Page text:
Three men identified Tuesday as the hackers behind the 2014 cyberattack against JPMorgan Chase & Co. and other financial giants orchestrated a bank breach so “breathtaking” it was like “securities fraud on cyber steroids,” prosecutors said.
American citizen Joshua Samuel Aaron and Israelis Gery Shalon and Ziv Orenstein were charged in a 23-count indictment with crimes including computer hacking, securities fraud, wire fraud, identity theft, illegal Internet gambling and conspiring to commit money laundering.
The indictment paints a picture of a multinational criminal enterprise built in part on data acquired through major breaches at a dozen financial companies.
"By any measure, the data breaches at these firms were breathtaking in scope and in size" and signal a "brave new world of hacking for profit," Preet Bharara, the U.S. Attorney for the Southern District of New York, said at a news conference in Manhattan.
"In a way, it was securities fraud on cyber steroids," he added.
Read More: Year of the Hack? A Billion Records Compromised in 2014
Shalon and others used data stolen in breaches to contact unwitting people and push them to buy stocks in order to manipulate their prices, according to the indictment. Asked by an alleged co-conspirator whether buying stocks was “popular in America,” Shalon said, according to the indictment, “It’s like drinking freaking vodka in Russia.”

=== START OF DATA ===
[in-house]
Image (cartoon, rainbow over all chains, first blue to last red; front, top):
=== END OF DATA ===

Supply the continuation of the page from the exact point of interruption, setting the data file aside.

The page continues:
E*Trade Financial Corp, TD Ameritrade Holding Corp and News Corp's Dow Jones, which publishes The Wall Street Journal, said they were also targeted by the defendants in the case. Fidelity Investments and Scotttrade were also targets, sources told Reuters.
"It is hacking in support of a diversified criminal conglomerate," Bharara said of the operation. "In short, it is hacking as a business model."
Shalon, 31, and Orenstein, 40, both Israeli nationals, were arrested in July. Aaron, the 31-year-old U.S. citizen who has lived in Moscow and Tel Aviv, remains at large, authorities said.
“It’s like drinking freaking vodka in Russia.”
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The hacking of JPMorgan's computers compromised information in 83 million household and small business accounts, making it one of the largest such breaches in history. The breaches affected as many as 100 million individuals and a dozen businesses, prosecutors said.
A separate indictment alleged various fraud and conspiracy charges against Anthony Murgio, a Florida man previously accused of operating an unlicensed bitcoin exchange service, and who was also linked to the JPMorgan breach.
Lawyers for the defendants were not immediately available for comment.